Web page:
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On Being German: A Personal Journey Into the German Experience
by Doris Pena-Cruz

Published: 2018-08-20T00:0
Paperback : 428 pages
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In the second half of my life, my thoughts and feelings have centered around one thing: the Holocaust. In my younger years I avoided that subject, be it in literature or in entertainment, whenever I possibly could. That was not easy. Television was full of programs in which Germans looked stupid ...
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Introduction

In the second half of my life, my thoughts and feelings have centered around one thing: the Holocaust. In my younger years I avoided that subject, be it in literature or in entertainment, whenever I possibly could. That was not easy. Television was full of programs in which Germans looked stupid and heinous. My own children watched these things with glee; I fled into another room. Since I have always read a lot, I was at least aware of the avalanche of books that were published about the Holocaust. Still, I kept my blinkers on. I firmly told myself that it was not my business, since I was just a child during that time. Sooner or later such an attitude will have to come to an end. It did for me after I fled a difficult marriage and finally began to examine my life. This was a slow process, aided by a patient psychiatrist. Now, years later, I want to write about my life and about the conflicted feelings such a search will cause in a woman of German nationality.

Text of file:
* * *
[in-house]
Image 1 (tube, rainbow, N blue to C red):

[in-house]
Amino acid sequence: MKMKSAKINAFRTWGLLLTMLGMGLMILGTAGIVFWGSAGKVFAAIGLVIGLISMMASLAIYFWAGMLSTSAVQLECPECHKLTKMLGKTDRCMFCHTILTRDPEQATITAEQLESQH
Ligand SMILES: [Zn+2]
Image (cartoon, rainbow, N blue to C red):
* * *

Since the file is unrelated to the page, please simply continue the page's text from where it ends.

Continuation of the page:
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Discussion Questions

Do you believe that individuals are as responsible as their nation’s leaders for atrocities committed during war? Is generalized historical guilt justified?

Can you ever forgive a soldier for doing his duty when that includes committing acts that you consider immoral?

What do you believe is the best way for a nation to face and overcome a troubled past? Is Germany different from South Africa after apartheid? Why or why not?

It’s been said that the divisiveness of our current political situation is similar to what happened in German society as Hitler rose to power. Do see parallels? If so, in what ways?

Do you think we can learn any lessons from how the Germans experienced the war and how they dealt with its aftermath?

Do you think it’s better to openly air our struggles and grievances, or is it just better to get on with things and leave the past behind us? When we sweep things under the carpet, can there be healing?

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